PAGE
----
A new report released by Nikkei Asia is revealing that Toyota plans to unveil an electric vehicle with a new solid-state battery by 2021 and it looks like it will be a game-changer. It promises a 310 miles (500 km) range in a single charge and a rather rapid recharge from zero to full in 10 minutes.
"The technology is a potential cure-all for the drawbacks facing electric vehicles that run on conventional lithium-ion batteries, including the relatively short distance traveled on a single charge as well as charging times. Toyota plans to be the first company to sell an electric vehicle equipped with a solid-state battery in the early 2020s. The world's largest automaker will unveil a prototype next year," states the report.
Solid-state batteries are believed to be a lot safer than the more common lithium-ion ones. They also have more potential for higher energy density — the energy a battery can deliver compared to its weight.
However, as of yet, they have not been produced in large-scale and at a reasonable enough price point to be competitive in the lithium-ion battery dominated market. Could Toyota have achieved this lofty goal?
Information still needed
It's hard to tell at the moment as we have yet to hear about the number of cycles their solid-state batteries can achieve and how their capacity holds up at different temperatures. These two have previously been a source of problems with novel batteries.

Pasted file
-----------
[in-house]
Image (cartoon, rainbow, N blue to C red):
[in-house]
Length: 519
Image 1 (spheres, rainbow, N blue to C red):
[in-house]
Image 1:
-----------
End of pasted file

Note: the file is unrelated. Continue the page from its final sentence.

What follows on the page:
Nikkei Asia does mention that Toyota has over 1,000 patents involving solid-state batteries. We'd like to believe that that is energy and time well-spent.
In a global shift to more eco-friendly options, electric vehicles will soon likely be a necessity rather than a more attractive option. Tesla seems to have the lead on supplying all those new vehicles but that may change over time of course.
It seems that Toyota is working hard to become competitive in the electric vehicle scene. If it does indeed master the art of solid-state batteries, it will likely secure itself a unique profitable place.